OUTDOORS Big money in Big Thicket

May 26, 2019 GMT

The biological crossroads at Big Thicket National Preserve is bringing big money to Southeast Texas, according a new report.

Visitors taking advantage of the preserve’s diverse ecology and fertile hunting grounds spent more than $14 million in 2018, a report from the National Park Service found. That spending supported 181 local jobs, the report said, and it’s part of a national trend.

“The preserve highlights the national importance of the diverse ecology found here in Southeast Texas, to all that explore its 15 unique units,” Big Thicket Superintendent Wayne Prokopetz said in a statement. “National park tourism is a significant driver in the national economy, returning $10 for every $1 invested in the National Park Service, and it’s a big factor in our local economy. With the support of our park partners, we are proud to be a part of the Southeast Texas community.”


Encompassing more than 113,000 acres and spanning seven counties in Southeast Texas, the Big Thicket is a transition zone between four distinct vegetation types: the moist eastern hardwood forest, the southwestern desert, the southeastern swamp and the central prairies.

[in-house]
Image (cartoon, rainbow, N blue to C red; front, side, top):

Mike Boone helps protect the preserve as a Texas Parks and Wildlife Game Warden in Hardin County. He said it’s busiest during hunting season, attracting visitors as a public area free from the influence of large logging companies.

“It’s a piece of property that’s basically untouched, and people like that,” Boone said.

The report, conducted by two economists from the U.S. Geological Survey and Lynne Koontz of the National Park Service, pointed to lodging and restaurant expenses as the primary sources of spending. It said more than 220,000 people visited Big Thicket in 2018.

Nationwide, 318 million park visitors contributed more than $40 billion to the U.S. economy, according to the report.

“Big Thicket National Preserve is proud to welcome visitors from across the country and around the world,” Prokopetz said. “We strive to share the story of this place and the experiences it provides with everyone who visits.”